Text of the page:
Facebook’s Censorship Campaign Against Persecuted Christians

CEO of Facebook, Mark Zuckerberg

Facebook is at it again – censoring the (Christian) victims of violence and sexual abuse while covering up for their (Muslim) abusers.

A few months ago, I wrote about how Facebook had variously “punished” and censored me for writing about the Muslim persecution of Christians.  The only explanation the “social media giant” gave was that I had offended its “standards.”

If there were still any ambiguity as to Facebook’s true motivation, consider the following story which was reported by ReMix earlier this year:

A UK-based Catholic charity has accused Facebook of censoring its campaign to protect Christian women who have been exposed to violence in predominantly Muslim countries.

Aid to the Church in Need (ACN) had launched a digital campaign in November to raise awareness of the violence often experienced by persecuted Catholic women in Islamic countries, and had chosen to spend money on Facebook to promote its posts.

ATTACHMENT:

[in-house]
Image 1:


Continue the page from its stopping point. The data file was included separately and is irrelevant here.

However, the social media giant opted to severely restrict the organization’s ability to publish adverts online on Facebook, whilst simultaneously banning the charity from its affiliated platforms, Instagram and WhatsApp.

The campaign had been directed towards United Nations authorities and the UK government and had included a report titled Hear Her Cries which detailed the acts of sexual violence committed against Christian women in Muslim-dominated countries such as Nigeria, Mozambique, Iraq, Egypt, Pakistan and Syria.